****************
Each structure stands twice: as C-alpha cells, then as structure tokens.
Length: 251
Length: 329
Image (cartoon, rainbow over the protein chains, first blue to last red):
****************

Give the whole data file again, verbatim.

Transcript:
Each structure stands twice: as C-alpha cells, then as structure tokens.
Length: 251
Length: 329
Image (cartoon, rainbow over the protein chains, first blue to last red):